Nation?s capital has built 20 walkable urban centers with 10 more taking shape
ATLANTA ? Metro Atlanta should look to Washington, D.C. if it wants to see the future of urban growth, a nationally renowned expert in the field told Atlanta builders, planners and smart growth proponents today.
?You?ve been a model. As I said during a visit here in the 1990s, you were the fastest growing settlement in human history. But now you?ve got some catching up to do. Washington, D.C. is the model of where the city is going,? said Chris Leinberger, a fellow at the Brookings Institution and author of the recent book The Option of Urbanism: Investing in a New American Dream. Leinberger is also a developer and was one of the founders of Robert Charles Lesser & Co., one of the country?s leading real estate consulting firms.
Leinberger spoke Thursday morning to an audience of 375 in the theater auditorium at the American Cancer Society in downtown Atlanta. His appearance was sponsored by the Livable Communities Coalition, Urban Land Institute-Atlanta District Council, Georgia chapter of the American Planning Association, Congress for the New Urbanism-Atlanta Chapter ? all members of the Coalition ? and Robert Charles Lesser & Co.
Leinberger believes that American land development is undergoing a structural shift. The shift, which began in the mid-1990s, is toward ?walkable urbanism,? Leinberger?s term for new developments and communities that mix commercial and residential uses in neighborhoods that are easy to navigate on foot. Such communities also typically have ready access to transit.
The shift is easily seen in Washington, a metro area comparable in size to Atlanta. Twenty years ago, there were two walkable urban centers in metro Washington, Leinberger said. There are 20 now, with another 10 taking shape. Atlanta, on the other hand, has five or six. ?Where will the other 25 go?? he asked.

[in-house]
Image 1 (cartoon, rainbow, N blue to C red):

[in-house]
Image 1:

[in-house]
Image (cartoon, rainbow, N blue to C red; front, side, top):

Leinberger predicts that the rise of walkable urban centers will continue. Pent-up demand drives the increase. In Atlanta, no more than approximately 10 percent of the population lives in walkable urban centers, Leinberger estimates. Yet market surveys show that nearly 30 percent of the metro Atlanta population prefers walkable urban centers over ?drivable? suburban communities.
The demand is fueled by the millennial generation, the oldest of whom are now in their mid-20s, and by Baby Boomers whose children are grown and who are now reaching retirement. Gas prices also contribute to the demand. By some estimates, households on the fringe of urban areas spend up to 25 percent of their monthly budgets on transportation, a category that combines the costs of driving and owning cars. For households in walkable urban areas, the portion of monthly budget spent on transportation is typically 9 percent.
Leinberger recommended that the metro Atlanta region:
Following Leinberger?s talk, three local panelists added comments:
Formed in 2005, the Livable Communities Coalition is the metro Atlanta region?s smart growth catalyst. It unites 42 organizations working to change the way metro Atlanta grows by focusing on land use, transportation, housing, and conservation of open green space and natural resources. Member organizations include regional leaders in the areas of aging, building and development, business, urban and landscape design, government, housing, planning, sustainable development, the environment, and transit and transportation alternatives. For more information on the Coalition, please visit its Web site at livablecommunitiescoalition.org.
Chris Leinberger: The Structural Shift in Building in Metropolitan Atlanta